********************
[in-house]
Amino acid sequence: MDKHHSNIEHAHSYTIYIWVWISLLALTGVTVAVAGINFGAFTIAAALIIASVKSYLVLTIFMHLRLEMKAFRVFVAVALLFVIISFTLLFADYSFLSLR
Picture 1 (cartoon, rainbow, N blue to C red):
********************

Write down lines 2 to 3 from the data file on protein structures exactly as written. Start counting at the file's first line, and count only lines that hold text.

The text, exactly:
Amino acid sequence: MDKHHSNIEHAHSYTIYIWVWISLLALTGVTVAVAGINFGAFTIAAALIIASVKSYLVLTIFMHLRLEMKAFRVFVAVALLFVIISFTLLFADYSFLSLR
Picture 1 (cartoon, rainbow, N blue to C red):